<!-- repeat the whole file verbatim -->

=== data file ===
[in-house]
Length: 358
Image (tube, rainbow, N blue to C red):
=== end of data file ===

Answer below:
[in-house]
Length: 358
Image (tube, rainbow, N blue to C red):